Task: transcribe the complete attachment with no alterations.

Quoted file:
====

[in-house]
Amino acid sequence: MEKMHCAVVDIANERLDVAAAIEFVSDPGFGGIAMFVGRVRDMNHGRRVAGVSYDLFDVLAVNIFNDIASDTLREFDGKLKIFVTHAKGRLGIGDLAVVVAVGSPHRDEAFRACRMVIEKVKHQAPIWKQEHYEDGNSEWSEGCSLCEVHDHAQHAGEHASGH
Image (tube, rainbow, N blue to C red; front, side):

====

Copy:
[in-house]
Amino acid sequence: MEKMHCAVVDIANERLDVAAAIEFVSDPGFGGIAMFVGRVRDMNHGRRVAGVSYDLFDVLAVNIFNDIASDTLREFDGKLKIFVTHAKGRLGIGDLAVVVAVGSPHRDEAFRACRMVIEKVKHQAPIWKQEHYEDGNSEWSEGCSLCEVHDHAQHAGEHASGH
Image (tube, rainbow, N blue to C red; front, side):